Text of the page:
Agilent Tests Cisco's CRS-1 Router

Agilent multiservices N2X test solution is the first to validate the performance of Cisco's 40-Gbit/s CRS-1 carrier router, with LR

November 30, 2004

3 Min Read

PALO ALTO, Calif. -- Agilent Technologies Inc. (NYSE: A) today announced that it has conducted the world's first demonstration of core router performance at speeds up to 40 Gb/s in an independent evaluation of the Cisco (NASDAQ: CSCO) CRS-1 Carrier Routing System. The European Advanced Networking Test Center (EANTC) used the Agilent N2X multiservices test solution to verify the performance and scalability of the Cisco CRS-1 during the recent OC-192c and OC-768c router test commissioned and funded by Light Reading, a telecommunications-industry online publication.

The purpose of the test was to provide the first independent industry evaluation of the Cisco CRS-1. The methodology for the test, created by EANTC (an internationally recognized test center offering vendor-neutral network test facilities for manufacturers, service providers and enterprise customers), was based on feedback from five of the world's leading service providers to ensure the router produced repeatable, useful test data about realistic network and service scenarios.

The test event represented an industry first in terms of the scale of interfaces, traffic, routes and services involved, with tests designed to exceed today's carrier requirements. In total, Agilent equipment tested more than 640 Gb/s of traffic over OC-192c and OC-768c interfaces, and generated and analyzed 15 million traffic flows to challenge the forwarding performance of the Cisco CRS-1. To ensure the router could keep pace with the increasing rate of MPLS (multi-protocol label switching) deployment, Agilent test equipment was used to establish 57,000 LSPs (label-switched paths), even though the largest networks today have only about 5,000 LSPs in total.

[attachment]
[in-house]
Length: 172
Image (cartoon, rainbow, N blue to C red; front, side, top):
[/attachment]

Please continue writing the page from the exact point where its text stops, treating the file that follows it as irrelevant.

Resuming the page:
The Agilent N2X solution measured the performance of the Cisco CRS-1 under realistic network conditions in the following key areas:

  • Maximum IPv4 and IPv6 forwarding performance was identified, including tests when access control lists were enabled.

  • BGP performance and route convergence time were measured using a table containing 1.5 million unique IPv4 and IPv6 routes.

  • Multicast forwarding capability was evaluated when fully loaded with both multicast and unicast traffic, and the correct implementation of IPv4 Differentiated Services was verified.

  • Functionality and scalability as an MPLS label switch router was verified, including its ability to establish RSVP-TE tunnels and to reach wire-speed throughput across all tunnels with minimum packet loss and latency for expedited forwarding traffic.

  • The impact of software upgrade and hardware module exchanges on forwarding and routing was also measured.

"Verifying that the Cisco CRS-1 can manage the growth of traffic, services and routing tables well into the future was one of the goals of this 40 Gb/s test," said Carsten Rossenhoevel, managing director of research and manufacturer testing at EANTC. "By using Agilent's test equipment we were able to simulate futuristic network conditions around the Cisco CRS-1 so we could identify whether it could scale to meet increasingly demanding performance expectations."

"Agilent N2X's industry-leading 40 Gb test solution has put us at the forefront in evaluation of next-generation core routing solutions," said Dave Bass, vice president and general manager of Agilent's Data Networks Division. "Our test solution is designed to help service providers reduce the time it takes to qualify core routers and increase their confidence in advanced telecom networks carrying next-generation voice, video and data service traffic."

The complete test report is accessible at The test results, including Q&As, will be discussed during an hour-long Web seminar being presented by Light Reading on Thursday, Dec. 9, at 12:00 p.m. ET. All four of the companies involved in the project will help present the results and then answer questions during this hour-long live broadcast. You may register for the Web seminar at

Agilent Technologies Inc.

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